Meet the new 3D printed smartphone-based microscope that can detect cancer  

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A recent collaboration between researchers from the California NanoSystems Institute at UCLA, and researchers from Stockholm and Uppsala University and SciLifeLab in Stockholm, has resulted in the creation of an innovative diagnostics tool that can identify cancerous tumours and infections like tuberculosis.

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The invention, a new smartphone-based microscope produced with a 3D printer, can be used to analyse samples of tumours or bacteria, virus and fungal cells, while also serving as a potent weapon in the battle against antibiotic resistance.

Mats Nilsson from Stockholm and Uppsala University and SciLifeLab in Stockholm, said the microscope and smartphone can show how the DNA chains in the sample look like, adding that if the doctors detect certain variants, they will know exactly what form of cancer, bacteria or virus is involved.

“I am used to big, expensive and complicated machines which fill a whole room to do the DNA sequencing,” Mr Nilsson said.

“To me, the idea to use a smartphone for this was very interesting. This opens the way to many new and very important fields of application.”

He said the little 3D-printed microscope could be of great significance for many people, including those in poorer parts of the world, who can’t afford the advanced, lab-based testing which is only performed at major hospitals.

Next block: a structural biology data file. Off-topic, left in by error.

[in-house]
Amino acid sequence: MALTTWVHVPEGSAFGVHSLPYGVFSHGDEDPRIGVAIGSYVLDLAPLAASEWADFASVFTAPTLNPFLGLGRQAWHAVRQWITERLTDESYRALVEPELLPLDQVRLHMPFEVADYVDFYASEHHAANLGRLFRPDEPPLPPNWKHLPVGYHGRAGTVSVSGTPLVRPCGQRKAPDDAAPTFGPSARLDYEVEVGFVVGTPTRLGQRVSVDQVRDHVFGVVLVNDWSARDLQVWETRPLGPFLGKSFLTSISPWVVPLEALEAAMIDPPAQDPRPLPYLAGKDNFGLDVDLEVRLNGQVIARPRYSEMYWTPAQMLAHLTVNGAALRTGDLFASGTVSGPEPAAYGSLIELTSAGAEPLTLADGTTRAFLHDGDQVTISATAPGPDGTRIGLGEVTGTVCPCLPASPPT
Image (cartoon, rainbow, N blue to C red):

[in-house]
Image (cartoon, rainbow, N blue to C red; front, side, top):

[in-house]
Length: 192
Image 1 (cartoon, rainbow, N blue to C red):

According to him, if produced in large quantities, the new device could be manufactured for less than $500. It could run on the smartphone battery, independent from constant power supply.

“Antibiotics are effective against bacteria. But now we are losing that weapon when bacteria become resistant. When it comes to tuberculosis, antibiotic resistance is a big problem,” Mr Nilsson continued.

“However, if we could look at the DNA-level and find out if a bacterium is sensitive to a certain type of antibiotics, we could choose the right treatment from the very beginning. This is where I think this concept has its great strength.”

The technique was already used to identify cancerous tumours in the colon, allowing doctors to rule out the ineffective treatments by analysing certain mutations in the tumour.

It also allows for a quick transfer of images and information about DNA to a doctor located in a different part of the world, and researchers are also hopeful that the technology can facilitate the diagnosis of viral infections like Ebola or Zika virus.

The microscope was developed by researchers from the California NanoSystems Institute at UCLA, while their peers from Sweden worked with the analysis of the DNA chains.